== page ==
This Post & yesterdays on Changing & Abiding themes Inspired a Prayer from the Princess' Pen:


"Our B'ob (Fearless Leader),
Who Abideth in OneCosmos Heaven,
Hallowed Be Thy Blogging."

"Thy Wit + Wisdom Come,
Thy Blog-Bidding Be Done,
On Earth As It Is
In OC Heaven."

"Preach to Us Syncophants This Day
Our Daily Blog,
And Forgive Us Our Typose --
As We Forgive Those Trolls Who Typo & Transgress Against Our Blog, Daily."

"And Lead Us Not Into
Spiritual Suicide + Retardation,
But Deliver Us From Trolldumb, INTYgral Idjits, and the Evil Stoopidity of Leftyism."

"For Thyne Blog Is
The OneCosmos Kingdom,
The Vertical + Horizontal Power,
The Transcendent Truth & Glory,
Forever, and Ever,
+ Amen and Amen +

~ PrincessSpirit ~

Princess Pithyisms:
~ Dont Be Dhimmi-Witted !

~ You Can Lead a Fool to a Wise + Witty Blog, But You cannot make a Fool Read nor Appreciate Wisdom as Fools only appreciate Hisdumb.

~ Feed Ur Spirit, Starve Ur Troll.
~ Read GBobs Blog, Transcend Ur Troll.

~ A Troll is a Terrible Thing to Transcend... But an Orc is just a Terrible Thing. Never shirk Ur Duty to Kill an Orc onsite on-demand in Blogland -> And for O's-Sake Dont Dialogue w/the Varmint, either - We dont speak the same Spiritual Language. Regarding Trolls, Take Aim, but try to Teach-A-Troll first before you Hit the Enter Button & Fire Away.

~ Troll-Teaching, like Truth-Telling, is HardWork, but Someone has to Lead the Blind away from their navel-gazing cesspool self, out from PlatOs Dark Cave into WisdOhms Light. Odds arent in Favor of Blindmen finding Her --> Everyone Knows Men: 1) Hate to Buy a Map and 2) Wont Stop & Ask for Directions when Lost.

~ Eat A Fascist -> Save a Nation.
~ Eat An Orc -> Save a Blog.

~ Eat Wisdom -> Save Ur Sanity.
~ Teach Wisdom to Others -> Save the World One-Troll-atta-Time.

6/05/2007 10:07:00 AM  
Blogger Joan of Argghh! said...

The leftist notices the unavoidable fact that different people have different views of the monument. Therefore, the monument doesn't objectively exist. Furthermore, anyone's view of it is just as good or bad as anyone else's. As such, Truth is abolished and raw power rushes in to fill the void. The leftist always speaks power to Truth.Always. "

Petard. Hoist. You know the drill...

6/05/2007 10:11:00 AM  
Blogger CrypticLife said...

The media is often guided by principles which de-emphasize the truth in service of sales or politics, often to the point where it becomes quite difficult to make valid comparisons. Most of the young today have no basis for comparison, and aren't aware of this deficiency (the lack of awareness of self-ignorance being more dangerous than the ignorance itself) due to the colored nature of the media reporting.

I do find it interesting how often mysticism coincides with politicism. I don't know if I'd call the historical revisionists moral relativists, though, if that's what you're implying. They seem to have rather absolute ideas of morality, but disagree with the causes of past events.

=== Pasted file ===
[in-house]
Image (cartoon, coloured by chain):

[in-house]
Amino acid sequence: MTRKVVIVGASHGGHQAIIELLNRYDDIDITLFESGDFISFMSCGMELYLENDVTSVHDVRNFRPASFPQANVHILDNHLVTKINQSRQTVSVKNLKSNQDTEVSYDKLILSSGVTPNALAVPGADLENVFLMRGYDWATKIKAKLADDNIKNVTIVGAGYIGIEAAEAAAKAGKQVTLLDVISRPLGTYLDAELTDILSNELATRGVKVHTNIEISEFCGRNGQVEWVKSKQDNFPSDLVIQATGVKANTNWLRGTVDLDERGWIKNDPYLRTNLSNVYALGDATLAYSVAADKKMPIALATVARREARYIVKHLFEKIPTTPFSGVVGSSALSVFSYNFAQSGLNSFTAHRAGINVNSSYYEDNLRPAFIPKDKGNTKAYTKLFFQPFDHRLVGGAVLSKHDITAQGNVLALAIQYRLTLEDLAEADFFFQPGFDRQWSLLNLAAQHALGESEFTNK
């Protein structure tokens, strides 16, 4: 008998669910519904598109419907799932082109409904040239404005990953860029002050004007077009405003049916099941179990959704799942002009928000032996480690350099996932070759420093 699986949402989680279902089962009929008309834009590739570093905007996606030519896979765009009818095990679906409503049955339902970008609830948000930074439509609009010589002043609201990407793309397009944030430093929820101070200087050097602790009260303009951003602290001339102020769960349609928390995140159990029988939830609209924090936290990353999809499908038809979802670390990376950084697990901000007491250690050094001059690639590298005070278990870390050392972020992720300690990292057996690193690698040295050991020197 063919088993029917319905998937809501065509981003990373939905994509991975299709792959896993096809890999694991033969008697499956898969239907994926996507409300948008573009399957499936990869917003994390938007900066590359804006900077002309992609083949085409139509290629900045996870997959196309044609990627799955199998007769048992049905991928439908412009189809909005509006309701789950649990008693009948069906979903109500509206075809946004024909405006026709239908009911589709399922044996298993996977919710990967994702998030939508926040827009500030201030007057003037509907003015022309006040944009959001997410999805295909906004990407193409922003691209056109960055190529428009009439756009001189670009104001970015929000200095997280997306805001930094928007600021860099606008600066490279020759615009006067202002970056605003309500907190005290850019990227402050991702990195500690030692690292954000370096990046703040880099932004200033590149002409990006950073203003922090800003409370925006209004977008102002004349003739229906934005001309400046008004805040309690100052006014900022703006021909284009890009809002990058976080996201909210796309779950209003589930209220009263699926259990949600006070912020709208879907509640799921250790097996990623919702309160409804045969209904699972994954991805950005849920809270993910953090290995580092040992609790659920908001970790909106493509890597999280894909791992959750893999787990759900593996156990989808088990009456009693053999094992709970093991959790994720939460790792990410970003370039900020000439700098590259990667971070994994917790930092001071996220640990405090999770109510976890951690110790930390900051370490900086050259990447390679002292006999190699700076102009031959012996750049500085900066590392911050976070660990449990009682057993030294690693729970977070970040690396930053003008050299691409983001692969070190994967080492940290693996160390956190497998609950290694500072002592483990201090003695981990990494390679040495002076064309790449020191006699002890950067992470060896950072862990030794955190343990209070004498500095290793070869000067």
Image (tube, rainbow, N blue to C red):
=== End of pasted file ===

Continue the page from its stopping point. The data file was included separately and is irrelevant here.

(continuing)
"If it had come out in 1943 that some German or Japanese soldiers had been mistreated in an American prison camp, I cannot believe that any American would have wasted two seconds thinking about it. "

Well, I can certainly imagine the Americans of German or Japanese descent may have thought about it. Certainly, at least the Japanese in internment camps themselves may have considered it.

6/05/2007 10:37:00 AM  
Blogger Susannah said...

The whole thing turns on one's view of revelation, it seems to me.

Because really, without a proper understanding of revelation, the relativist can only rightly ask, "Which view is closest to the monument's being? How can we ever know?" My answer would be, "The monument's," of course, but a lot of people don't accept that answer anymore.

Funny thing, I was reading an old college journal I did for a class in which this question was posed. Comm theory or interpersonal communication or some-such pseudo-scientific class... Anyway, it was interesting to see how I grappled with it then. Pretty much came to an OC conclusion.

(Sorry, nothing clever here, but I never claimed to be erudite. :) Um, I have to go clean the bathrooms now.)

6/05/2007 10:52:00 AM  
Blogger River Cocytus said...

"Thus, while the union between human and divine in Christ is qualitatively different (hypostatic as opposed to participatory) from that possible to us, Christ’s transfigured human nature, revealed to the disciples on Mt. Tabor, serves as the model for realizing our full potential as human beings created for communion with God and who, while remaining always creatures, may be transformed into "divine creatures"[86] through grace, that is, through union with God’s own energies."

Change... Growth.... Transfiguration!

6/05/2007 11:19:00 AM  
Blogger River Cocytus said...

Er, just to give credit whar its due,

that was from BPM's previously-linked Beyond Justification.

6/05/2007 11:20:00 AM  
Anonymous joseph said...

Interesting comments. I am still awaiting the day when America will have free market, as that will be a glad day. Until that time, I dare say, waging war, for that reason alone, will prove utterly fruitless.

6/05/2007 11:38:00 AM  
Anonymous waganupa said...

War is good; to be warlike is also good.

I urge raccoons to develop a pugilistic stance towards life.

I suggest that raccoons keep slingshots, spears, and bows in the home and use them in the backyard as these implements inculcate a warrior's mindset.

A handgun should be in each vehicle and a shotgun in each home.

Each home a fortress, each raccoon as soldier. Such is how it should be.

6/05/2007 11:54:00 AM  
Blogger Smoov said...


Never say "slingshot" to a raccoon!